* Austria's Nowotny distances himself from hard-line Germany
* Central banker says printing money could help economy (Adds background, detail)
By John O'Donnell and Paul Carrel
FRANKFURT, Dec 8 (Reuters) - The euro zone's economy is weakening 'massively', one of the European Central Bank's policymakers warned on Monday, saying that printing fresh money to buy state bonds could help to stop the slide.
Speaking in Germany, the head of neighbouring Austria's central bank advocated a more ambitious course for the European Central Bank, distancing himself from Germany, where many politicians and its central bank oppose such money printing.
"We see a massive weakening in the euro zone economy," said Ewald Nowotny, a member of the ECB's Governing Council, the body that would vote on any decision to buy government bonds.
Asked whether such so-called quantitative easing could address the problem, he said: "As a supportive measure in the context of a comprehensive plan, it can certainly be valuable."
Nowotny's view is important because there is a deep division of views over how the ECB should act, with Bundesbank chief Jens Weidmann sceptical about the need for printing money.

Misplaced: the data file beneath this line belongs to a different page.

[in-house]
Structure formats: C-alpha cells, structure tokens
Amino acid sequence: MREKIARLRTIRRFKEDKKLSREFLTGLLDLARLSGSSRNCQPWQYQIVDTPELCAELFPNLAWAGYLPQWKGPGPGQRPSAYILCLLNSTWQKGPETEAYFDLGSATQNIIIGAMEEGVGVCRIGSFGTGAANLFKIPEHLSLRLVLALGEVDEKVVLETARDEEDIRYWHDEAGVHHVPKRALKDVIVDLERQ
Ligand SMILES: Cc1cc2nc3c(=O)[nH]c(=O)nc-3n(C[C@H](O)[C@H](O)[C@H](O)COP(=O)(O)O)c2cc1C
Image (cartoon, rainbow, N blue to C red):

Nowotny is considered a swing voter among the 24-strong group, including 18 national central banker governors, whom ECB President Mario Draghi will have to convince before the programme can begin.
His remarks came days after Standard & Poor's cut Italy's sovereign credit rating to one notch above junk, saying weak growth and poor competitiveness undermined the sustainability of its huge public debt.
The downgrade is a blow for Prime Minister Matteo Renzi, who came to office in February pledging an ambitious reform agenda to lift Italy out of recession but has seen the economy continue to shrink.
Reporting by Paul Carrel and John O'Donnell; Editing by Larry King